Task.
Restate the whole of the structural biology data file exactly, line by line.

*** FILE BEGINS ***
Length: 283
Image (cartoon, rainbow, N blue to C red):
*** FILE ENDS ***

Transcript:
Length: 283
Image (cartoon, rainbow, N blue to C red):